Understanding recovery begins with understanding our fundamental problem: Our sin separates us from God and the blessings he wants us to enjoy. Sin’s story begins with the temptation of Eve by Satan, in the guise of a serpent. Even under the perfect conditions found in the Garden of Eden, temptation found Eve. The devil’s strategy was to lead the first woman to distort the word of God (see Genesis 3:1-3) and to doubt his goodness (see vv. 4-6). Eve twisted God’s words by adding to them and thereby misrepresenting his directive (see v. 3). Further, God’s goodness was attacked by the serpent’s assertion that Eve’s sin wouldn’t result in death (see v. 4), as well as Satan disparaging God’s motives in his directions to Adam and Eve (see v. 5). God, the enemy insinuated, was holding out on the world’s first couple. Eve bought into this last lie: “When the woman saw that the fruit of the tree was good for food and pleasing to the eye, and also desirable for gaining wisdom, she took some and ate it” (see v. 6). Eve’s sin spread almost immediately to the only other person on the planet, her husband. She took some of the fruit to Adam and he also ate.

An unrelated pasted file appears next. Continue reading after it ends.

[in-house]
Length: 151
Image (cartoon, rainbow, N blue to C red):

At this point in the story, we see that some of the serpent’s predictions did indeed prove to be true. Satan had informed Eve that “when you eat … your eyes will be opened” (v. 5) and that these first two humans would have personal experience with both good and evil. The promise of the serpent, though, was that this would make them “like God” (v. 5). The great irony of this deception was that both Adam and Eve were already “like God,” having been created in his own image (see 1:26-27). Their eyes were now opened, and they did in fact know both good and evil, but the outcome of this experience was shame (v. 7).
This is the tragic beginning of sin’s deadly, destructive work. Lives continue to be devastated as God’s words are distorted and his goodness is doubted. The consequences of sin, as well as God’s plans for humanity’s recovery, are spelled out already in Adam and Eve’s story.